TIP: Make sure that the Epoxy Clay has fully adhered to the Wire Frame and that there are no gaps around the edges between the clay and wire.

Step 9. Use a wet-wipe to go along the outside edges and clean away any Epoxy Clay on the edges of the Wire Frame. Once the clay is cured, it is like cement and very difficult to remove.

Apply the Skeleton Leaf:

Step 10. Place the skeleton leaf down into the Epoxy Clay. Use your clean fingertips to press the skeleton leaf down into the clay making sure that it fully adheres. Let the Epoxy Clay cure for a minimum of 2 hours.

Step 11. After a minimum of 2 hours, the Epoxy Clay should be hard to the touch. Peel away the tape from the backside of the Wire Frame. If the clay isn’t cured enough, it will bend and potentially pull away from the side edges of the Wire Frame. If this is the case, let the clay cure another hour or so.

Clean Up:

Step 12. If you have any excess residue from the packing tape, try Goo Be Gone! Follow the manufacturer’s instructions for best results. I applied a couple of drops on the backside and let it sit for over a minute. I then used a stir stick to scrape the tape residue. It was fast and easy. Once clean, just use rubbing alcohol or a wet-wipe to wipe clean.

Trim Skeleton Leaf

Step 13. Once the tape is removed, use a pair of scissors to trim around the Wire Frame.

Continue to trim until there is no overhang of the Skeleton Leaf along the outside edge of the frame. If there is an overhang, it will be easy for the Nunn Design Resin to overflow.

Let Cure:

Step 14. I tend to work in a small area (typically my kitchen table), so I like to work on a surface that projects can be easily moved around and not disturbed. Place some business cards or some heavy card stock onto your work surface, making it easy to move the pieces without getting any resin on your fingers.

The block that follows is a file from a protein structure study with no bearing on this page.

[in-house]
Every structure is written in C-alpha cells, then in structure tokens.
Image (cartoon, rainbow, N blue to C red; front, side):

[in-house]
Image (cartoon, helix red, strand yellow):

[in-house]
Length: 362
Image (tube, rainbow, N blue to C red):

Tip: I recommend covering the card with glossy packing tape. This will prevent the resin from sticking to the paper.

Mixing Nunn Design Resin:

Step 15. Read the resin instructions for safety concerns regarding the Nunn Design Resin.
When I work with resin, I always:

  • Have my room heated around 70-73°
  • Place a large plastic bag over my work surface and tape it down
  • Make sure I have ventilation in my workroom
  • Wear gloves
  • Wear glasses (readers because I can’t see anymore. Plus it protects my eyes!)
  • Have a pile of wet wipes handy

This is a great blog post that covers 20 Habits for Successfully Using Nunn Design 2-Part Epoxy Resin. Even if you are a seasoned resin mixer, this might be worth a read.

Step 16. Place one cup (included in the Nunn Design Resin Kit) onto your table.
 For curing purposes, it is very important that the resin be an exact 1 to 1 ratio of Part A and Part B. I suggest getting your eyes level with the resin so you can see the lines on the measuring cup.
Pour Part A of your resin kit up to the 1 TBS mark on your measuring cup.
Pour Part B of your resin kit into the same cup until it is filled to the 2 TBS mark.


It is important to pour Part A first and then Part B. It is some chemical thing about part A being heavier or something.

Step 17. Set your timer for 2 minutes. Using the stir stick from your kit (a popsicle stick or coffee stir stick will work great too), slowly and carefully stir your resin scraping the sides as you stir. Stir for a minimum of 2 minutes. If your resin is still cloudy continue to mix until clear.


After mixing is complete and your resin is clear, scrape both sides of your stir stick on the edge of your resin filled cup.

Step 18. Using a smaller stir stick, drizzle a small amount of the mixed resin onto the cured skeleton leaf covered Epoxy Clay. Depending on the look you would like, you can pour enough resin so that the surface is flat or you can continue to pour resin until the resin is highly domed.